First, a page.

One additional use of the axis is in being able to choose a scale that is the same for all Sparklines in a group. This enables them to be compared in absolute terms as well as their trend (although this may not be practical if the range of values is too great across the group). To have the scale the same click on the Axis icon and on the list of options select the ‘Same for all Sparklines’ item under both ‘Vertical Axis Minimum Value Options’ and ‘Vertical Axis Maximum Value Options’.
Clear: This is worth mentioning as a Sparkline does not behave like other Objects in Microsoft in that if you highlight a Sparkline and press delete nothing happens. Two ways to remove Sparklines are:
- Use this clear button on the Sparkline Tool Ribbon.
- Take a blank cell and either copy and paste over or drag over the Sparkline.
Developing a set of ratios can add insight into the way a time series of values is evolving. Judgements about reasonableness can interpret the appropriateness of these metrics. If appropriate, checks can be included that flag when a ratio exceeds its expected range. Some examples might be EBITDA margin, net margin, EBITDA to cash flow, depreciation to gross asset value, leverage, receivable or payable days, or revenue per employee. Charts of these also reveal the trends that are emerging. Each of the trends should be challenged to justify their validity. For example, what is causing the margin to narrow or widen? Why is cash increasing or decreasing? Are there sufficient staff for the changing scale of the business?
Continuing the example at the start of the blog you will see the margin has been calculated and flags can be used to identify when values fall outside a defined range. The expected values might be between 16% and 20%. A flag uses an =IF statement to signal valid or invalid. Conditional formatting can be added to make the invalid status more easily identified.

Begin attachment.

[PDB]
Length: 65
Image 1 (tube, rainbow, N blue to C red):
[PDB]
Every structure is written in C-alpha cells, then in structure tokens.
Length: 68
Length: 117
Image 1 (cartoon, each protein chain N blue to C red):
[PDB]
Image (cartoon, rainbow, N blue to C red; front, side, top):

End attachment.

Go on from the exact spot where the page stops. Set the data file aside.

The formula used in row 17 is illustrated with L17:
For the test part of the =IF statement an AND function is used to allow more than one test to be completed. For the =IF to be True all the AND tests must be true. We use this combination of functions to check that margin falls within a range. Flags can use results of True/False or 0/1 although a clear text description can help users of the spreadsheet interpret the results more easily.
When applied in a spreadsheet the range values of 16% and 20% would be linked to input cells rather than typed into the formula. They are typed in this example to make it easier to see the structure of the functions being used.
The conditional formatting is found on the HOME ribbon.
Taking time building in the Charts/Sparklines, Ratios and Flags to a spreadsheet helps identify errors especially when scenarios are being explored. While the base case may meet expectations, that confidence needs to be maintained as alternative data is entered.
In blog 4 we will look at completing the first part of the Detailed Reviews covering design principles and formula errors.
- How to Review a Spreadsheet: Part 6 - other useful functions
- How to review a spreadsheet: Part 5 - the Formula Auditing Group
- How to review a spreadsheet: Part 4 - design principles and formula errors
- How to review a spreadsheet: Part 3 - analytical review
- How to review a spreadsheet: Part 2 - data review